7. Clean and Vacuum Your Home Regularly

It’s common sense that you should clean your home regularly to reduce pollen, dust and pet dander and improve air quality at home. However, it’s important to avoid using cleaning products that contain high levels of volatile organic compounds (VOCs). When using cleaning products, be sure to open windows and doors to properly ventilate. If you use an air conditioner, you must clean it often, and you should vacuum often, especially if you have a pet. The Asthma and Allergy Foundation of America (AAFA) states that you should vacuum your home once or twice a week to reduce indoor pollutants, and use a vacuum with a HEPA filter.

If you live in the dusty downtown core, in a high-traffic area or near construction sites, you’ll likely get lots of dust entering your home if you open your windows. You can’t be expected to leave your windows closed, because everyone needs fresh outdoor air, but you’ll have to clean, sweep, dust and vacuum your home more regularly if you live in a dusty area.

Furthermore, you might find out through your CircleDNA test that you have a genetic allergy to dust or other pollutants. This would be another reason to clean your home more often.

8. Use Humidifiers

Keeping the air in your home too dry and humid can have a negative impact on your skin, throat and eyes. Humid air can also encourage the growth of mold in your home. Humidifiers are portable devices that emit water vapor to help keep indoor air moist. When used correctly, a humidifier may help improve your indoor air quality. Various health problems can stem from breathing dry air, for example it makes it more difficult for your respiratory system to do its job when you breathe dry air. If you do use a humidifier, you should clean it at least every 3 days, use distilled water, and change the water every day.

9. Get Your Home Inspected Annually to Find Water Damage for Mold Prevention

Mold is a natural by-product of a humid environment, and mold often grows in dark, damp places, such as your bathroom, laundry room or basement. Sometimes it grows in one’s home due to water damage.

Breathing clean air is impossible if you have mold growing in your home that you’re unaware of. Unfortunately, it’s easy to be unaware of mold growth in your home, because you won’t always see it or smell it. Mold often grows in your walls or floorboards, making it very hard to detect.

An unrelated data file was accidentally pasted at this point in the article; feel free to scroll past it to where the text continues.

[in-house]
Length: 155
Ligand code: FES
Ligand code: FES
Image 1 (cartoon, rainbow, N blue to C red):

Breathing in mold spores is extremely hazardous to your health. In fact, mold is one of the most dangerous things you can breathe in.

You can prevent mold from growing in your home by keeping tabs on areas in your home where frequent condensation or leaks occur. Mold can’t grow without moisture, so fix these issues immediately if there are any leaks or too much humidity. We previously mentioned cross-ventilation at home, and know that ventilating your home will help prevent moisture as well. There are natural ways to kill mold at home without using harsh chemicals. If you see a spot of mold in your home, spray it with a tea tree oil solution or with vinegar, leave on for a few hours and then scrub the mold off with a firmly-bristled brush. Always contact your landlord or building inspector if you see any mold.

Breathing clean air is vital to your health, so anything you can do to breathe cleaner air shouldn’t be a question. Start implementing these tips for cleaner air today.


  1. Volatile Organic Compounds’ Impact on Indoor Air Quality | US EPA
  2. A Study of Interior Landscape Plants for Indoor Air Pollution Abatement – NASA Technical Reports Server (NTRS)
  3. Full article: Inactivation of Airborne Influenza Virus by Tea Tree and Eucalyptus Oils
  4. Let’s Talk About Air Quality
  5. Control Indoor Allergens to Improve Indoor Air Quality |